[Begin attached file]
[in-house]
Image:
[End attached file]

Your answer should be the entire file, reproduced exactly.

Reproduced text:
[in-house]
Image: